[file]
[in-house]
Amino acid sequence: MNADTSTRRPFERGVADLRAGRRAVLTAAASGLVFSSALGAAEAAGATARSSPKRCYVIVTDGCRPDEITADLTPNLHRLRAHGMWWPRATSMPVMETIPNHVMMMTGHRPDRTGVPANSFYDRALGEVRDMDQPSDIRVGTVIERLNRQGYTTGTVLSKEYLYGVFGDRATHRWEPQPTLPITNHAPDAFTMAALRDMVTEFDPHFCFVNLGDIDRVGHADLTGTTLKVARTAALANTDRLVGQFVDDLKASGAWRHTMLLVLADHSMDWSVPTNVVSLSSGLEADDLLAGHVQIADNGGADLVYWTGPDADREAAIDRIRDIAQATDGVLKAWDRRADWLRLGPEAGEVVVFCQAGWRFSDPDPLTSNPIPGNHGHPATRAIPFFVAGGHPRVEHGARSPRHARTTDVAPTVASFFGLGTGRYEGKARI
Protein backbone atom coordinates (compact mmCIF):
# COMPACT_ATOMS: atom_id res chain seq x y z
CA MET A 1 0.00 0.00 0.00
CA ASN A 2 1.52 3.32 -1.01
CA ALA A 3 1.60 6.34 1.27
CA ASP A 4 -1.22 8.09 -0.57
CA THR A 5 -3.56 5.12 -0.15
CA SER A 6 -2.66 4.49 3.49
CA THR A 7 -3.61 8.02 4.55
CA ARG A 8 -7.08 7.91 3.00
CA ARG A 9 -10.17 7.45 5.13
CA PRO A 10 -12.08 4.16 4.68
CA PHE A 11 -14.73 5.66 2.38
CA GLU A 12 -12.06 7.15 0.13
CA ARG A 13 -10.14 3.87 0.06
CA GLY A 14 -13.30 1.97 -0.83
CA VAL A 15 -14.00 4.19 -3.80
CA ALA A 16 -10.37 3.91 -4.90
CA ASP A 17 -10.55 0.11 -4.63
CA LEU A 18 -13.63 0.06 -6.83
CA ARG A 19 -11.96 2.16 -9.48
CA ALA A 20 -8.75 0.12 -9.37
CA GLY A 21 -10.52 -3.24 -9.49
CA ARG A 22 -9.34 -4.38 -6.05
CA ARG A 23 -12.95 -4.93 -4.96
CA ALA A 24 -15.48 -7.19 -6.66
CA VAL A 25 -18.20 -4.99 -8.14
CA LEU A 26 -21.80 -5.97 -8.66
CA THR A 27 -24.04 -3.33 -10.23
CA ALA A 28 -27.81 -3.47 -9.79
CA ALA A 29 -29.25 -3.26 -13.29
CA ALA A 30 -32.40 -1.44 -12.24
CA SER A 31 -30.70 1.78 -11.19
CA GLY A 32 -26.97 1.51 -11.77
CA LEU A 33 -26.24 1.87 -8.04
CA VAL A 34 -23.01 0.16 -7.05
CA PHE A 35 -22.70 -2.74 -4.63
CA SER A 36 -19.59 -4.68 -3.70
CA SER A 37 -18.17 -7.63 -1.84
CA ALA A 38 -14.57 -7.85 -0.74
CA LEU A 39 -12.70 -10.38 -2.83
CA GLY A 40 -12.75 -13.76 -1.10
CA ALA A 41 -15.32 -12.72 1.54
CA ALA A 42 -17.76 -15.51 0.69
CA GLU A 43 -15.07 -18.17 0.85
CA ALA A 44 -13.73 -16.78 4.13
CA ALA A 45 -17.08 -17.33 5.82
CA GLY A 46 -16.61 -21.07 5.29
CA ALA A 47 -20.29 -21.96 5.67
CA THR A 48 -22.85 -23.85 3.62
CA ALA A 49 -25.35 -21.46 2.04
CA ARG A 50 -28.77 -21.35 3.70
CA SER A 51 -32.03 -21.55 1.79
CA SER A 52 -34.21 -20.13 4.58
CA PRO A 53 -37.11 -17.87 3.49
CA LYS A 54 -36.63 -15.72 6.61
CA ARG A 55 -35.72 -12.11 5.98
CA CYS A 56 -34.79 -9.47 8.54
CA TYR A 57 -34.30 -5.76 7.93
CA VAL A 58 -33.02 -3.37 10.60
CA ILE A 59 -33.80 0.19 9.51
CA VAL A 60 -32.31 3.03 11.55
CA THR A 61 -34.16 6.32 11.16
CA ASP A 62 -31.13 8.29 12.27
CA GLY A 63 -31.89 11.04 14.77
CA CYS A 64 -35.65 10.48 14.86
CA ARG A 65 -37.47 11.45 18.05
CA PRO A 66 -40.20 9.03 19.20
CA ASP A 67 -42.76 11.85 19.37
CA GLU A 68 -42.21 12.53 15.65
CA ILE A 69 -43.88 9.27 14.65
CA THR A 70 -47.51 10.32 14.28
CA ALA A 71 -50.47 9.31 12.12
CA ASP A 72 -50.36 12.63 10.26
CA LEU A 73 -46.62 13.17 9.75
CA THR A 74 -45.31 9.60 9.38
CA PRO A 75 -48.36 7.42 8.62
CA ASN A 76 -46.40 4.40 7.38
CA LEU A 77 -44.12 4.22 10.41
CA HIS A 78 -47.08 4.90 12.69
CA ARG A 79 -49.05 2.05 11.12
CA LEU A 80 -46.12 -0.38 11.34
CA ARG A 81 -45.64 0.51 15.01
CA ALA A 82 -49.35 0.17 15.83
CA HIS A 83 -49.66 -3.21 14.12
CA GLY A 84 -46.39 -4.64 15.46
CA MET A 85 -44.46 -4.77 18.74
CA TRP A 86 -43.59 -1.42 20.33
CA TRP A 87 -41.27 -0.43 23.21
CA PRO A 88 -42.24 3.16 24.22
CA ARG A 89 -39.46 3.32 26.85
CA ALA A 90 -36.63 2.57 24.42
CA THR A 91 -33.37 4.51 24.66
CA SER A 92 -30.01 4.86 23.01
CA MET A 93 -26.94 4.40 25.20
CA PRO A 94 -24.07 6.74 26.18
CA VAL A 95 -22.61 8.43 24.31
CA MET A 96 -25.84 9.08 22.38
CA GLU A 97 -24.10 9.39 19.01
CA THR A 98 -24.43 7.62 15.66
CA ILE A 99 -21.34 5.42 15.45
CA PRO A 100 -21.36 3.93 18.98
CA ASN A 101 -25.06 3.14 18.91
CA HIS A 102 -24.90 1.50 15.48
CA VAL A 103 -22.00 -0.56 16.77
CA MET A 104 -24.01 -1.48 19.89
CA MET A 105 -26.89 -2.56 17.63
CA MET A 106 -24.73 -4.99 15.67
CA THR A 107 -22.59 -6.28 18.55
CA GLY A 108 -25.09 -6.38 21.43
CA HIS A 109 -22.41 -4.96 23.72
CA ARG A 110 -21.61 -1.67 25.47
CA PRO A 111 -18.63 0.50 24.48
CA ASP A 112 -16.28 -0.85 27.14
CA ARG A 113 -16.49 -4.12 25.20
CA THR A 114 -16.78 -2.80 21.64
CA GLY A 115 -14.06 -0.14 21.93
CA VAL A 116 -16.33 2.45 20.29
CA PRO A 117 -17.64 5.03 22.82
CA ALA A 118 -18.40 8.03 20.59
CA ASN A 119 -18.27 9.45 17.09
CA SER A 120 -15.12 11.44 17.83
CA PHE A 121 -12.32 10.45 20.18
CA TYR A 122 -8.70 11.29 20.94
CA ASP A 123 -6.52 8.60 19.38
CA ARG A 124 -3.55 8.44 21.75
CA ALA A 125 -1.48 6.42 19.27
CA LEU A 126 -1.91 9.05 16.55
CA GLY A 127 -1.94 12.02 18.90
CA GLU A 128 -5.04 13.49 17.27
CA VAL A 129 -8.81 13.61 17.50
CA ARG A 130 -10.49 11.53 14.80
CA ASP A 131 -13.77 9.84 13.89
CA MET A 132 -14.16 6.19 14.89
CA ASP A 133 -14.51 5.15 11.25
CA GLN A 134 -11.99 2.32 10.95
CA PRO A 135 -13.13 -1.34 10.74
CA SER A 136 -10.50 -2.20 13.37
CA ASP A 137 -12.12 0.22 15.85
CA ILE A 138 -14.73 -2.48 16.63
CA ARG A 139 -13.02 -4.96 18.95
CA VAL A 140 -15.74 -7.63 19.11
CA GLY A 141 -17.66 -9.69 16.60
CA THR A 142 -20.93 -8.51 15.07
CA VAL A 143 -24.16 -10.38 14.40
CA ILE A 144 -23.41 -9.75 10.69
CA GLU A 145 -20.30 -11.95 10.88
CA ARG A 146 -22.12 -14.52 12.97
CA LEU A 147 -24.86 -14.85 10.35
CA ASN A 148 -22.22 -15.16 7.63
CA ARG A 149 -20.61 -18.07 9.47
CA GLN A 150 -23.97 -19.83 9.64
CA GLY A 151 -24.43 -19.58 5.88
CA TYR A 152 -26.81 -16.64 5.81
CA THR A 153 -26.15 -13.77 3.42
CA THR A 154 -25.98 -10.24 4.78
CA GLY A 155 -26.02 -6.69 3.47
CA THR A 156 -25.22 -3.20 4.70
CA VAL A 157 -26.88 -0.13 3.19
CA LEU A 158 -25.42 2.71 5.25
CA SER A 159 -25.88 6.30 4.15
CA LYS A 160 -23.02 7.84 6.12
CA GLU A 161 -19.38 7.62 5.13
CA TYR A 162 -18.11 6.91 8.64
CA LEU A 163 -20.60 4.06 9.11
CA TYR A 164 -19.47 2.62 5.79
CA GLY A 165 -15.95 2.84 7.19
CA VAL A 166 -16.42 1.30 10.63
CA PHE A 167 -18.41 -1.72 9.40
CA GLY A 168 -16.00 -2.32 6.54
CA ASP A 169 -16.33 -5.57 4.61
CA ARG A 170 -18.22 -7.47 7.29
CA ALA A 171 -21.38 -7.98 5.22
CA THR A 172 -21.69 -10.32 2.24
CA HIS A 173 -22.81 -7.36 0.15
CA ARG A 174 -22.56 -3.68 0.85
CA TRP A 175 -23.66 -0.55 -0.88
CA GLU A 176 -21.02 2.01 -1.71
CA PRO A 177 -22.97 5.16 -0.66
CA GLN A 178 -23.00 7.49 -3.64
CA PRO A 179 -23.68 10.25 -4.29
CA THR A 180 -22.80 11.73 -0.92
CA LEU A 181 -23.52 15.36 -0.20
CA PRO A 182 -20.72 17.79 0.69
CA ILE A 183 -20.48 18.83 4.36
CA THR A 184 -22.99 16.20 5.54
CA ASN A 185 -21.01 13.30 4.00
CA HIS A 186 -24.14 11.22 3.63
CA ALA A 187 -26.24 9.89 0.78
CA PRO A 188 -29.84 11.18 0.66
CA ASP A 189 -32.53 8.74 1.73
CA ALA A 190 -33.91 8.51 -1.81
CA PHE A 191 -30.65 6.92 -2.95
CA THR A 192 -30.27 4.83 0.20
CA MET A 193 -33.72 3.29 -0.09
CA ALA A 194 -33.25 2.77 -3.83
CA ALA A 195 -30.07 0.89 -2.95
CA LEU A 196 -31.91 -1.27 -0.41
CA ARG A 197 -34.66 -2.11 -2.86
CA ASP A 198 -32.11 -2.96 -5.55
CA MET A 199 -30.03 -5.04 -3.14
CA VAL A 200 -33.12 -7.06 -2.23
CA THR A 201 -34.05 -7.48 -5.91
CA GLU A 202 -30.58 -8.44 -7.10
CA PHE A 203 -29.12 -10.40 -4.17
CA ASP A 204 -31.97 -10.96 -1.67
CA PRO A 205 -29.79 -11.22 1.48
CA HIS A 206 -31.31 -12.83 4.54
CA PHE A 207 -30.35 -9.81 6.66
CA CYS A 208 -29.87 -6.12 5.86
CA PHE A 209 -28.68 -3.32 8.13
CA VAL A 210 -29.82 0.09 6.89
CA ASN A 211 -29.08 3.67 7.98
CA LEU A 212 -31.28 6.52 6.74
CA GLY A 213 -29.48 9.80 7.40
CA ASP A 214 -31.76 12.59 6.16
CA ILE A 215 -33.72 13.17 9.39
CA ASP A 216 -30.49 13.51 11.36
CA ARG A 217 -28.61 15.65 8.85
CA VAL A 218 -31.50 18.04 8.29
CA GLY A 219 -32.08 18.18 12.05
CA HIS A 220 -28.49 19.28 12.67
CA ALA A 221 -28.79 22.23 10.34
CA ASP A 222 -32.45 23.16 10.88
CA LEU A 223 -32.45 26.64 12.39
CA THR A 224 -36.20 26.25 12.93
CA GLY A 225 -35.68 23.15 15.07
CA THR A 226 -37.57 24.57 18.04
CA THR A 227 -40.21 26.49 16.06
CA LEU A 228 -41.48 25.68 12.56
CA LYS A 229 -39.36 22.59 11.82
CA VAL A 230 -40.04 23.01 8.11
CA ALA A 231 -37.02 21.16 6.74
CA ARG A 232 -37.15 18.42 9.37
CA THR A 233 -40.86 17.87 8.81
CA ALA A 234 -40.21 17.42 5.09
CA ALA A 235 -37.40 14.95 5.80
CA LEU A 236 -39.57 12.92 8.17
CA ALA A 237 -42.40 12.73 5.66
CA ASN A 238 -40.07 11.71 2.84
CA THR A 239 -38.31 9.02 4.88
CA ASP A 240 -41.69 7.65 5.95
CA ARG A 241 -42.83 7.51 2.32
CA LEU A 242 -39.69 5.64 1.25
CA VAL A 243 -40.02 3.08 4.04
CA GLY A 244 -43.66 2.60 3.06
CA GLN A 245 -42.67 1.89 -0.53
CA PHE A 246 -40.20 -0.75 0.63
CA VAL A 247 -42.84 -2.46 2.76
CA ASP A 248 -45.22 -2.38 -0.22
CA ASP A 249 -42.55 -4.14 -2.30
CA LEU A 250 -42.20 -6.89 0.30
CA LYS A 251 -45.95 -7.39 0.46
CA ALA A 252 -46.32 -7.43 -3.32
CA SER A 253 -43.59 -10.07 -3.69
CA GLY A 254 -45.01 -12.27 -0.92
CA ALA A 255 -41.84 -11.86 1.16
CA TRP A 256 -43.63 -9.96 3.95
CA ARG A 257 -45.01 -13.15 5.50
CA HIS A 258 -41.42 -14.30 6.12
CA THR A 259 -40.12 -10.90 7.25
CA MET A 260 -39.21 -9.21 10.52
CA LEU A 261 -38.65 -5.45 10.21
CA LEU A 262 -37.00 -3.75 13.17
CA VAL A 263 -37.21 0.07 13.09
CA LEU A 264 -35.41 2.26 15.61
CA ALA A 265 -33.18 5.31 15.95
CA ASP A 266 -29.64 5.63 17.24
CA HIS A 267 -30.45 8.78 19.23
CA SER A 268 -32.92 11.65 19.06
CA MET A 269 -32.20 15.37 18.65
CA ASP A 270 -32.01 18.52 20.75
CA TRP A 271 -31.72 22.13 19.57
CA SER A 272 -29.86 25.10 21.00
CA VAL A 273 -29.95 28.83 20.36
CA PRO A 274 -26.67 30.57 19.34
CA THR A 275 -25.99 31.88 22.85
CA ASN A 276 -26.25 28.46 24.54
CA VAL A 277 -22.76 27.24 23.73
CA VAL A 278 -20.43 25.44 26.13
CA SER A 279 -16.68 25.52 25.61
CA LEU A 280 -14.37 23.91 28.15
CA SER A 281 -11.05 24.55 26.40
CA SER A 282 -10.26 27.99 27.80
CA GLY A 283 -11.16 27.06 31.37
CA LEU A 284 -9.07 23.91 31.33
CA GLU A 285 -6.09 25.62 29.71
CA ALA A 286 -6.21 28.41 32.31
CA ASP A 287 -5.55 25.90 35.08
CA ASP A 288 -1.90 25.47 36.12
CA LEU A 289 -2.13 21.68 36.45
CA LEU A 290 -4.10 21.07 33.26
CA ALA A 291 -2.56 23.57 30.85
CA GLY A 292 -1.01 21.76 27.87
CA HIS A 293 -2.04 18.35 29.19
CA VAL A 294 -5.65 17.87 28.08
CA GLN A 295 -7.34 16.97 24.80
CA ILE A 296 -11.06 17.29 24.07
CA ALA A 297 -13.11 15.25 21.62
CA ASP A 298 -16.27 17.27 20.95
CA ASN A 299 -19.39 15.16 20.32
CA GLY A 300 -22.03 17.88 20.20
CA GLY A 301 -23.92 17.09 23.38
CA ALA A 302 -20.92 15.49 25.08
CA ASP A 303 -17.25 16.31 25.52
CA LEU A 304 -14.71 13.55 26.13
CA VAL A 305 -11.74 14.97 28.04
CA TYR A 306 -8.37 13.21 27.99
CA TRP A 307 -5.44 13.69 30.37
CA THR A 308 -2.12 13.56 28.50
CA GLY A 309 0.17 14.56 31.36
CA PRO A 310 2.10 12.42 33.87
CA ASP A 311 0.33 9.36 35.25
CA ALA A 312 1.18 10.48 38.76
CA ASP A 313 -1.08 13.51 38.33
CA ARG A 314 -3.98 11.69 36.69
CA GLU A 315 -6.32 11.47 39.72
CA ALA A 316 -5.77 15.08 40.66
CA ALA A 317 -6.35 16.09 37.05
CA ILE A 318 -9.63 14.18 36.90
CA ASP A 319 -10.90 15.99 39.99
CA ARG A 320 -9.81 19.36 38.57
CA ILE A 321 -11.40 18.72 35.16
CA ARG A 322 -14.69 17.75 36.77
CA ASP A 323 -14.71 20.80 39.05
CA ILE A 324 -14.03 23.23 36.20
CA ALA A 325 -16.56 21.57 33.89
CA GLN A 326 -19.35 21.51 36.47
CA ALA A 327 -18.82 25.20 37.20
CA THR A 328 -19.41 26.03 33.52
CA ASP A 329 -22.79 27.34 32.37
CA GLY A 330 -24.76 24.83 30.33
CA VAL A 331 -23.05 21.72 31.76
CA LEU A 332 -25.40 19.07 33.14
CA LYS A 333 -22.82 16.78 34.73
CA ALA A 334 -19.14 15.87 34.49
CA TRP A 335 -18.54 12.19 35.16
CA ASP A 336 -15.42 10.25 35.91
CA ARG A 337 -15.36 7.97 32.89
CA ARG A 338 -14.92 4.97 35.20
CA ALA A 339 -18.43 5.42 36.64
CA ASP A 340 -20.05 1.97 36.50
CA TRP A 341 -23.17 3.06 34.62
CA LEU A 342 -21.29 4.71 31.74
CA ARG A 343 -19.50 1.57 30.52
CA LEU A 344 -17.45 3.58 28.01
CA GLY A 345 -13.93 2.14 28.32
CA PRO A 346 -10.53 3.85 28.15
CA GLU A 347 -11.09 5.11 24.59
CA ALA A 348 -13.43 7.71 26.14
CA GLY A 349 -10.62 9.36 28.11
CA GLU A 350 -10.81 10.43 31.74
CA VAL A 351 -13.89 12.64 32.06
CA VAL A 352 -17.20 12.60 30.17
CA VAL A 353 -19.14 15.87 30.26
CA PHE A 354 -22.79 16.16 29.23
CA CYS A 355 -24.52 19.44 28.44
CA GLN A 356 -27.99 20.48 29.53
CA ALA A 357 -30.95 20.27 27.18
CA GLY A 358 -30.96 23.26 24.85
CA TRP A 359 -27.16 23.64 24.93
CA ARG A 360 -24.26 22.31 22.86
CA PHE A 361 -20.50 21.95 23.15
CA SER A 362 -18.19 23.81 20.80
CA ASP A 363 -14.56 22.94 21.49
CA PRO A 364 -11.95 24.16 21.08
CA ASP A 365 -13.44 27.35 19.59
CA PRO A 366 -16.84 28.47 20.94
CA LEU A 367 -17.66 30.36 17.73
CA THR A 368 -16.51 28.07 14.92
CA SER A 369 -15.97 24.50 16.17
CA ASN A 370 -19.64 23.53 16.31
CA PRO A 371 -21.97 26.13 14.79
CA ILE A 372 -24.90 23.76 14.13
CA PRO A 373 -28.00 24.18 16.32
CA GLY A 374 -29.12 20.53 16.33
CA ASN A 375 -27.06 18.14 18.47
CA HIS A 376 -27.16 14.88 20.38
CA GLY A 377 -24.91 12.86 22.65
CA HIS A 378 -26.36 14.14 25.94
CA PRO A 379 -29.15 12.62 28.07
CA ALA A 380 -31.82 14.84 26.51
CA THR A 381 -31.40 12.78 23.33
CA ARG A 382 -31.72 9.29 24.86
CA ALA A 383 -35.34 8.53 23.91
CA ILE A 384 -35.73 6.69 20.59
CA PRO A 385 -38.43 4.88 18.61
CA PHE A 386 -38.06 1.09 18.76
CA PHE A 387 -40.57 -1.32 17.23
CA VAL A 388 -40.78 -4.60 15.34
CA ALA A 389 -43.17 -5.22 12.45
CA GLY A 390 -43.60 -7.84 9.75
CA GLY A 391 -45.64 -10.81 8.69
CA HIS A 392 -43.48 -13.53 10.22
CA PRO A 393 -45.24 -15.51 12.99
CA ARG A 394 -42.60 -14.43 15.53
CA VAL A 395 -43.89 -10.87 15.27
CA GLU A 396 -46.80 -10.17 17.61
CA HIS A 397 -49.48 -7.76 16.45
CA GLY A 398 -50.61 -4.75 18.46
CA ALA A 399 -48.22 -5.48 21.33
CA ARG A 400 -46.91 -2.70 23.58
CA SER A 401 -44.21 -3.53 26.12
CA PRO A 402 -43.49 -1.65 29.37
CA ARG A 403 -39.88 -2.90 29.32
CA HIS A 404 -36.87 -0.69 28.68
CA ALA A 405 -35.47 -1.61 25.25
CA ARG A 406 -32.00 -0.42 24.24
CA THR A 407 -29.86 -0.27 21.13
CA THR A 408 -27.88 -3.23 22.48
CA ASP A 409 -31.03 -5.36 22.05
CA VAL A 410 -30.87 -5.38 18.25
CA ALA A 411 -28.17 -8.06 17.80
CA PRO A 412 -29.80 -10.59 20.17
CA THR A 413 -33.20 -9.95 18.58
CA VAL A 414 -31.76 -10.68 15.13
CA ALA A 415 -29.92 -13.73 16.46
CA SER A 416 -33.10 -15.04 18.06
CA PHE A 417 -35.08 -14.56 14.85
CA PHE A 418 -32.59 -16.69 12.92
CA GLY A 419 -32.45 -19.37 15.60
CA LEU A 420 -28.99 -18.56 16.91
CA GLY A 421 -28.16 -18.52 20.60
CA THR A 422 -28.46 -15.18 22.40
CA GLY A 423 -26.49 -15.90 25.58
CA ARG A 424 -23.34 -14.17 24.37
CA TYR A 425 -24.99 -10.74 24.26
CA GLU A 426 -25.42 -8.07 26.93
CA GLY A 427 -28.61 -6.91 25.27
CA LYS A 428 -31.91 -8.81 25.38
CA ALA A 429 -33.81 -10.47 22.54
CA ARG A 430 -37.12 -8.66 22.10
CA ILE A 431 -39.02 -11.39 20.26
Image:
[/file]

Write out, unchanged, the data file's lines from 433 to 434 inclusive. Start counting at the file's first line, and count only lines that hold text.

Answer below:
CA ALA A 429 -33.81 -10.47 22.54
CA ARG A 430 -37.12 -8.66 22.10